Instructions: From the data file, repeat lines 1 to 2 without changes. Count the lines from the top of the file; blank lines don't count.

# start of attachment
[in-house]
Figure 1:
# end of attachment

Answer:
[in-house]
Figure 1: